The show, which is due to take place on 31 Oct, will be available to watch in real-time in exchange for a mere £2.99. What a treat. Happy Halloween, everyone!

More details on how to sign up can be found here: www.guardian.co.uk/music/2011/oct/24/watch-pj-harvey-albert-hall-live

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The Music Publishers' Association has launched a new mediation service, offering its members the option to use more cost effective mediation rather than costly formal legal action if there are ever disputes over royalties, or other contractual or copyright issues. A mediator doesn't make a ruling like a judge, but tries to help parties in dispute to reach a resolution.

MPA CEO Stephen Navin told CMU: "We at the MPA actively encourage our members to consider mediation as a way of resolving disputes, particularly where it serves to avoid court proceedings which can be both time-consuming and ruinously expensive. Mediation can result in a swift resolution, acceptable to both parties, and also helps to preserve the relationship between those parties".

He added: "We have assembled a panel of individuals with enormous expertise in intellectual property and a vast amount of experience in the field. I believe that access to this service at a beneficial rate is a real advantage to MPA members".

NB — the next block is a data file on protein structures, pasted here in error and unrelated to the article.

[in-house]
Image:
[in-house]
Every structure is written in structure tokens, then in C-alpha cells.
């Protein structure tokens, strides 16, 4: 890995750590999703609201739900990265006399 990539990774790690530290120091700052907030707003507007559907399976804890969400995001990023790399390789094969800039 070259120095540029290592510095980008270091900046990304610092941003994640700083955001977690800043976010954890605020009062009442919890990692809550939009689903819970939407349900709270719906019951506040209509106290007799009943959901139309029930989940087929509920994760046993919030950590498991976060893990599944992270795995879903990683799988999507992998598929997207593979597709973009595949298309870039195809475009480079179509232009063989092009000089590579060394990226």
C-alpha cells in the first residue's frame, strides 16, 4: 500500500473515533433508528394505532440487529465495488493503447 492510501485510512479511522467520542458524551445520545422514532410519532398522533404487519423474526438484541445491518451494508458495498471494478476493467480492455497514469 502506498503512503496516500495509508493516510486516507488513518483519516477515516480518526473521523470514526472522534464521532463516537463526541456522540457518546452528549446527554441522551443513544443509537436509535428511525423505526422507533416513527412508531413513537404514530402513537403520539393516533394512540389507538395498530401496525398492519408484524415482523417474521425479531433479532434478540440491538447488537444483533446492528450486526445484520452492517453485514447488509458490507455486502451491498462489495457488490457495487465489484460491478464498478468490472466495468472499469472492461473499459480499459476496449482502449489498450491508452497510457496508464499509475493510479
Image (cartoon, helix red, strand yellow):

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US record sales tracker Nielsen SoundScan, like the Official Charts Company in the UK, is reporting a rise in vinyl sales this year. However, says Vince Slusarz, owner of New York-based vinyl pressing plant Gotta Groove, sales may be even higher than claimed.

Speaking to the New York Times, Slusarz said: "SoundScan only [logs] about 15% [of sales, because] the majority of the stuff we press, it doesn't even have a barcode".

Last year SoundScan reported 2.8 million vinyl sales, up from 2.5 million in 2009. This year the organisation says the increase could be as much as 40%, to just under four million. However, if Slusarz is correct, and the same is true across the entire range of vinyl sold in the US, sales could actually be as high as nineteen million.